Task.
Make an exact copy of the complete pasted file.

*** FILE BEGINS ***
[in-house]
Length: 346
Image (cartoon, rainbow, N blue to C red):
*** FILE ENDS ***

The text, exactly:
[in-house]
Length: 346
Image (cartoon, rainbow, N blue to C red):